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Thousands of female penguins are stranded in South-America

Female Magellanic penguins, shown here, are stranded on the coast of South America, and the researchers don’t know for sure why.
(Takashi Yamamoto)

Near the southern tip of South America, thousands of ladies, wives, mothers, anchovy lovers — disappear from their nests.

The women in question are Magellanic penguins — a mid-size kind of black-and-white bird native to South America, the region of Patagonia. When not breeding in the latter part of the year, both male and female members of the species migrate north to Uruguay and Brazil to hunt for the delicious anchovy that call those waters home. Over the past ten years, but scientists have observed a disturbing trend: some of the penguins swimming too far to the north — sometimes hundreds of kilometres away from their breeding areas and get stuck.

According to a new survey published today (Jan. 7) in the journal Current Biology, every year, thousands of Magellanic penguins not return home from their migrations. Some become stranded on the coast of Uruguay, Argentina and Brazil. Others washing all dead, their stomach is empty or polluted with plastic waste. Strangely, about two-thirds of the stranded birds his wife. [Photos of Flying Birds: All 18 penguin Species]

Takashi Yamamoto, lead author of the new study and a researcher at the Institute of Statistical Mathematics in Tokyo, wanted to know what happened, and why female penguins were disproportionately affected. So, he and a number of colleagues tagged a small group of 14 Magellanic penguins (eight men and six women) with a GPS ankle monitor, then looked at where the birds strayed after their breeding period ended in early 2017.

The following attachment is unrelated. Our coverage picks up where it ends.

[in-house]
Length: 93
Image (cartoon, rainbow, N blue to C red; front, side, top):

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After a few months of observations, the team saw a clear pattern. During the spring and summer migrations, and male penguins tend to dive deeper and stay closer to their Southern breeding grounds; female penguins swam closer to the surface of the water, but migrated significantly further to the north than their male colleagues.

There, in the waters near Uruguay and southern Brazil, the penguins approached known penguin stranded hotspots. According to the researchers, these stranding sites — such as the river in the vicinity of the city of Buenos Aires, in northern Argentina — will likely fall to the penguins by a mixture of strong currents prevent smaller body birds bathing house and man-made threats. “These [threats] are the pollution of water by oil development and maritime transport and fishing threats, such as bycatch and the depletion of the prey,” Yamamoto said in a statement.

The reason that female penguins seem to be disproportionately stranded in the comparison with men may be as simple as body size. According to the researchers, female Magellanic penguins are smaller than the males, which could make it harder for them to compete for food in the densely populated southern waters, or to fight against the strong current in the north. A smaller body also means a greater sensitivity to ocean temperatures, Yamamoto noted. This could give the smaller-bodied females have a preference for hunting in warmer waters to the north in the direction of the equator, and, for the avoidance of deep dives in the cold, dark ocean.

This small study is only a first step in the direction of the understanding of the cause and extent of the mysterious bird have a role to play. But according to Yamamoto, that much is clear: if there are less and less women return to their breeding grounds each year, the viability of the entire Magellanic penguin population could soon be in danger.

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Originally published on Live Science.

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